Consumers respond to the social moment by taking consumption into the closet. As when we talk about going to Fred's (in-store restaurant), not Barney's. Or, ask to have new purchases shipped, rather than be seen carrying a branded shopping bag. Or, decide to have shoes repaired and last year's jacket altered. Spending as a covert activity. No bragging rights.
2) The Dyslexic Dilemma
It's a "b." No. It's a "d." Consumers stall in their tracks, trying to figure out what to do, right now. Are we heading out of the woods, or perhaps a bit deeper into it. The moment to watch: What happens when unemployment hits 10 percent at the exact moment the Dow tops 10,000. That deer-in-the-headlights look on the consumers' face: Now or not yet? What is the real barometer of economic health? Dare I buy a peach?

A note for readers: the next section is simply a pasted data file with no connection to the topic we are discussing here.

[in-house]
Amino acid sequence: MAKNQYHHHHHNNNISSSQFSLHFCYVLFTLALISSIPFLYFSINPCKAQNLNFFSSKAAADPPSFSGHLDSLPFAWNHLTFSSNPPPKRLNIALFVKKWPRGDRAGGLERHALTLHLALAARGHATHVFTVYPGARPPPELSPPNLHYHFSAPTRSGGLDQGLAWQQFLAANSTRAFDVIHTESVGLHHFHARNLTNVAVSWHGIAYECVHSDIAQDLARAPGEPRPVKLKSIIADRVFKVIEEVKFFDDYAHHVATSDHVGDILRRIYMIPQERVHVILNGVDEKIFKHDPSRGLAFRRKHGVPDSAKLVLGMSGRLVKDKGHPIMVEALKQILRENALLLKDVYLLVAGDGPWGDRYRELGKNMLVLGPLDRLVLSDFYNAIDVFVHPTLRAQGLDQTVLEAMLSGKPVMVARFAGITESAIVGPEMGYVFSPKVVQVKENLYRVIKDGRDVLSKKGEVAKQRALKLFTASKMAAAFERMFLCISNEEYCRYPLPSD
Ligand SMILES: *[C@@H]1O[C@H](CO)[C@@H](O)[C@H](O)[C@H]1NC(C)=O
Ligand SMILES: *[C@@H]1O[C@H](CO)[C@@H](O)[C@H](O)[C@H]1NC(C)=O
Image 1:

3) Private Labeling
The number one brands thrive, innovating, advertising and product improving. But, the number 2s and 3s stop striving, unable to compete with performance advances or on price. Into the vacuum steps Private Label. No longer just "okay, available and cheap," these grocery aisle invaders are well-branded, feature rich and are oh-so-profitable for the stores. Say goodbye to familiar but moribund household names; say hello to snazzy new entrants that shave quarters off the check-out total without sacrifice. (Store brands in play at Walmart pictured above)Read More